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Thread: It's not your money

  1. #25
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    Jun 2003
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    Post Re: It's not your money

    many bad loan officers didn't give the customers a clear choice of taking a higher rate and payment that would be fixed forever... the customers knew that their rates would be locked for only 2-3 years but didn't know the ramifications (amount of monthly payment increase) if a renewal was not available at the time of the loan converting... a few other lenders in order to make more money, strapped the borrowers with a pre payment penalty that extended 1 year longer than the fixed period of the loan... those were the worse cases and that in my opinion should be illegal... no one anticipated or could have known that the house values would have gone down and prevented these folks from refinancing into a better loan.. there are currently laws and disclosures that explain these things to the borrowers but a poor loan officer that does not do their job, can put a borrower in a position where they are not making the best decision...

    these are rare cases compared to the majority of closed loans but I've talked to enough of them to know that bad lending practices did in fact happen.... for the most part, borrowers need to do better in making better decisions... a few more specific disclosures in big bold print could have prevented these in my opinion..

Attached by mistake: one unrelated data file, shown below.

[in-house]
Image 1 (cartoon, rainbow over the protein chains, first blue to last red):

2. #26
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    Post Re: It's not your money

    Yeah, Bigeasy........and when you're in the emotional throes of buying your first home.......it's really easy for folks to just not pay close attention to details.
    I think anyone who planned on staying in their home indefinitely and yet took out an adjustable rate mortgage was just foolish. To me, the security of knowing that your interest rate is fixed is worth paying a bit more.
    I'll just bet that a lot of these first time homebuyers weren't told clearly the differences.......and were too ignorant to realize what could happen. Everyone's vision got clouded by greed.................and who really thought that the housing bubble could continue indefinitely? Talk about WANTING to believe something!

  3. #27
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    Re: It's not your money

    That's exactly my point about personal responsibility. If you are buying a home it is your obligation to become educated. There is a plethora of informaiton out there. Why is it government's job to idiot proof everything. I've purchased two homes now, one while married and one while divorced. In both cases it was my job to come to the table prepared.

    I would guess its less first time home buyers and more those that took out all their equity, or they bought into a bigger house at a variable rate.

    Don't forget, the investors that poured the funds into the credit market to allow those lower place loans also impacted this in a large way. That funding dried up when the interest rates were raised by the Fed and people couldn't keep paying. So those investors pulled their money.